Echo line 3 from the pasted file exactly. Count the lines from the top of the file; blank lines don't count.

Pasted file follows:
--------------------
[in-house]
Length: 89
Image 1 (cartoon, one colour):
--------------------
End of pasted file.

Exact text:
Image 1 (cartoon, one colour):